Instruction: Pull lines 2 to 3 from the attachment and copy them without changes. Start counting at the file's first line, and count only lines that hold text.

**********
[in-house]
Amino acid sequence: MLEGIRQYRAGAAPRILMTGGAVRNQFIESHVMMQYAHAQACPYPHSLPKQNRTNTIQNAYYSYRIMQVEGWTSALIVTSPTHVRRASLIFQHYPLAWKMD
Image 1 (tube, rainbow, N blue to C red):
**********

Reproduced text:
Amino acid sequence: MLEGIRQYRAGAAPRILMTGGAVRNQFIESHVMMQYAHAQACPYPHSLPKQNRTNTIQNAYYSYRIMQVEGWTSALIVTSPTHVRRASLIFQHYPLAWKMD
Image 1 (tube, rainbow, N blue to C red):